redirecting / placating takes practice but its worth the effort. i think dementia makes mental retardation look like a brain fart in comparison. the argumentiveness and agitation will get worse so you simply must read all you can and get yourself into a resolute mindset.
residential care may be a good option for some people but im of the opinion that many are staffed with low skilled dullards. if dementia care was so taxing on me how the hell can a 20 yr old crackhead be up to the task?
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Jeanne's advice sounds spot-on to me. One other big difference that strikes me is that alcoholics (no, I've never lived with one and wouldn't attempt to) are famously manipulative, hence the blaming of their loved ones. Your mother isn't being manipulative, she's trying to make sense of a distorted world that's probably very frightening for her. Jeanne's right - she really, really can't help it. Doesn't make it any easier for you, of course, so Jeanne's also right to advise getting all the information and hands-on help that you can. Best of luck, please update x
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Kedwards460, there is no doubt about it -- living with someone who has dementia is very, very challenging. Vent away!

I have not lived with an alcoholic so I can't comment on the similarities. I do know one very large difference, though. No amount of reasoning, talking, explaining, or arguing, can get someone with dementia to change, and there is no detox or rehab program that can, either. Parkinson's Disease Dementia (PDD) is one of the Lewy Body dementias. Mom has in her brain deposits of alpha-synuclein protein, first discovered by Frederick Lewy and named after him. These Lewy Bodies interfere with the normal working of the brain. She can't help it. You can't help it. And there is currently no cure. She cannot simply decide she wants to change and then go about doing what is necessary to make that happen. Those Lewy Bodies are there to stay.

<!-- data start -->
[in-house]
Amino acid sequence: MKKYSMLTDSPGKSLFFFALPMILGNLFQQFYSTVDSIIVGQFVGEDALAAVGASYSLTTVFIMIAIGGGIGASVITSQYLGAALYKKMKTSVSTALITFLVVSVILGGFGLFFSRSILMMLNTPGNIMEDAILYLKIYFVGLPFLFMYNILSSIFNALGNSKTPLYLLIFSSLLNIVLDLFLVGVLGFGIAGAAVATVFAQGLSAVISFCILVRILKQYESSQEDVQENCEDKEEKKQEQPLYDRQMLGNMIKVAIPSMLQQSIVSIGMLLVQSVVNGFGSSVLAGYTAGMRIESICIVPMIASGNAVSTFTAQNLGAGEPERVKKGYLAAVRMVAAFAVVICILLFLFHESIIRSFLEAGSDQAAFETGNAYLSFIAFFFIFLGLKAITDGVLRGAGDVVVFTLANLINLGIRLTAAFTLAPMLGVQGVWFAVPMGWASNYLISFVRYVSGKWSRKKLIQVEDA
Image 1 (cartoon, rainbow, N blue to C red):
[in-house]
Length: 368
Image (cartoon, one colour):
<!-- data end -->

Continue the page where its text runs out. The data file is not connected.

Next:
It will help if you try not to argue with your mom. She says the Medicare mail isn't hers? "Sorry, Mom. Did I give you any other wrong mail?" If she is so confused she doesn't know she is on Medicare, she probably won't be able to handle that mail in any case. Of course you are "right" -- it is her mail. But who is right or wrong isn't as important as keeping things calm.

If you can't do this alone anymore, it doesn't do any good to tell that to Mom. She can't help the condition of her brain and threats or bribes or reasoning won't allow her to change. Instead, set about making changes so that you don't have to do this alone any more. That is, if this is a thought-out decision and not just venting in a moment of exasperation (which all caregivers have!)

Would it help enough to have some in-home help with Mom? You might try that first. Placing her in a care center is another option. There each shift of caregivers is well rested and has a life outside of caring for persons with dementia. They also have help available from others if a situation calls for more than one person.

If venting helps enough, awesome! Also get some respite. Bring in more help if you need it. And consider long-term care, if not for right now, for down the road. These episodes are going to continue and also to get worse.

Best wishes to you in this extremely challenging job.